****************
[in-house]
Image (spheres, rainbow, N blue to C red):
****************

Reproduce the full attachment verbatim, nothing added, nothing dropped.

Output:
[in-house]
Image (spheres, rainbow, N blue to C red):